Lombard at loggerheads on landing a leader
I give you the opening quote to staff writer Marie Wilson's story about the Lombard village board's inability to select an interim leader to fill out the remainder of Village President William Mueller's term.
"Take the high road and be professional," Trustee Greg Gron urged his fellow board members last week. "The Mueller family deserves a smooth road to the end of President Mueller's term. I suggest we leave any arguing to the election where it belongs."
The popular Mueller, Lombard's mayor for almost two decades, died last month with about eight months remaining on his term. But the road to settling on a temporary mayor was anything but smooth. In fact, not only could board members not decide on an acting mayor, they couldn't agree on when to discuss it next. The six-member board was split 3-3 on virtually every vote taken on the topic, including the idea of having a rotating interim mayor.
Complicating, and one might argue motivating, matters was the fact that at least two village board members — Trustees Zachary Wilson and Keith Giagnorio — are eyeing a run at the village presidency in April. A suggestion that those two be exempted from serving as acting mayor was discarded, as Wilson was the first person nominated, then defeated by the 3-3 vote. Another idea discarded was a self-ranking system from 1 to 6 among trustees, apparently to determine a winner by tallying up the points.
All the inaction prompted perhaps the best idea of the evening — from Trustee Peter Breen, who suggested board members impose a pay freeze on themselves until they make a decision.
"I think every member of this board should forego payment from the people of Lombard until we decide this issue," he said. "Until we do our job, we take no pay."
Another awkward issue prompted more board inaction this past week. Wilson attempted a reconsideration of the village's new map. Passed in July, it was required by law to more evenly divvy up the village's six voting districts. The map accomplished the mission some board members made no bones about: It left all six incumbents in their existing districts. It wasn't easy, as a narrow swath of District 2 had to be dragged to the north to take in Giagnorio's home. "Gerrymandering" was the way Wilson described it.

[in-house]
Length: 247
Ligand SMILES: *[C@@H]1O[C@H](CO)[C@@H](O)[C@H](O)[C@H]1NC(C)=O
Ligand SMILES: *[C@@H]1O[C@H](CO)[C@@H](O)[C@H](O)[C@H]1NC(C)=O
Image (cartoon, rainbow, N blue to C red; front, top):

Yet, Wilson's new map, prepared with the help of village staff and more rigorously divided along major thoroughfares, didn't pass on a revote — even though all the incumbents still landed in their same districts.
"I'm comfortable with what we agreed on, and I think we should just stay with that and move on," Giagnorio said, as yet another 3-3 vote was cast.
Trustee Laura Fitzpatrick noted the village board was doing the same thing politicians are lambasted for at the state and national level. "Every map drawn this year by every governing body has taken not into consideration the population, but the politician," she said. "We are no different. ... We've done pretty standard stuff; we've protected our incumbency."
One might argue the stalemate on selecting a temporary leader smacks of protecting one's own interests, too. Certainly if one is contemplating a run for mayor, being an incumbent often is a huge advantage in municipal elections. One of the better ideas I heard proffered was the suggestion that whoever gets the temporary appointment take a vow, sign an oath not to run for the mayor's job in April. But that was shot down, too.
The village board is scheduled to discuss Thursday filling the mayor's post. So far, the public has been kind of quiet. Might this be a good time for residents to show up and suggest their leaders make a decision about a leader for the next seven months?
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